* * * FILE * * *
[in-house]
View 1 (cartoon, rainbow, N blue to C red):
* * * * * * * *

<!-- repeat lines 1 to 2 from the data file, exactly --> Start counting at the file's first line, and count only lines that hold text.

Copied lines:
[in-house]
View 1 (cartoon, rainbow, N blue to C red):